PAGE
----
Discipline is a key trait that enables individuals to accomplish their goals and achieve success in life. It is the ability to consistently do what needs to be done, even when you don’t feel like it. However, many people struggle with discipline, and they assume that it’s something they either have or don’t have. The truth is, discipline is a skill that anyone can learn if they know how.

The problem with relying solely on motivation, willpower, and good intentions is that they are all fleeting. Motivation wanes, willpower is limited, and good intentions only last for so long. Discipline, on the other hand, is a habit that is built over time through consistent action. Discipline is doing.

Research has shown that people who are disciplined tend to be happier and more successful in life. It makes the difference between watching your belly fat jiggle and using your abs as a washboard, getting stuck in a dead-end job and enjoying a fulfilling career, or staying calm in an argument and saying things you regret later.

However, building discipline is not a sprint, it’s a marathon. If you push yourself too hard in the beginning, you’ll quickly burn out. Building discipline is about making small, sustainable changes over time that eventually add up to significant progress.

Use identity change

One of the most effective ways to build discipline is to use the power of identity change. Every time you delay instant gratification, you see yourself as more of a disciplined person, which makes it easier to act like one. You can start by taking small steps like turning the water to cold for five seconds at the end of your shower, taking the stairs instead of the elevator, or going to bed and waking up half an hour earlier. First you must become.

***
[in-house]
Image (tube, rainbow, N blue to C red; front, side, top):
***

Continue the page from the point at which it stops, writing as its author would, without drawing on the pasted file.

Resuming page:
Design your environment

Another powerful way to build discipline is to make your environment work for you. Your environment influences you, but you can choose how. For example, if you’re trying to eat healthier, you can stop buying the junk foods you don’t want to eat. If you’re trying to read more, you can surround yourself with more books. By making these small changes, you make it easier to do the things you want to do and harder to do the things you don’t want to do.

Become clear on your outcomes

Using the clarity of specific goals is also a powerful way to build discipline. Instead of setting airy-fairy goals like “I’ll be more disciplined” or “I’ll read more books,” set specific, measurable, attainable, relevant, and time-based (SMART) goals. For example, “I will exercise for 30 minutes every morning” or “I will read for an hour every day.” By setting specific goals, you give yourself a clear roadmap to follow, which makes it easier to stay disciplined.

Understand your mind and body

Finally, using your brain chemistry strategically can also help you build discipline. The mind and body work together in a complicated arrangement. The key is to understand that behind your actions are triggers and patterns. Something happens that leads you to a chosen behaviour Deliberately triggering your brain’s reward system can help you feel good about delaying instant gratification. For example, you can use a habit tracker to monitor your progress and celebrate each small win along the way. By doing this, you’ll start to associate discipline with positive feelings, which makes it easier to stick to your goals.

In conclusion, building discipline is a skill that anyone can learn. By using the power of identity change, making your environment work for you, setting specific goals, and using your brain chemistry strategically, you can build iron discipline and achieve the success you deserve.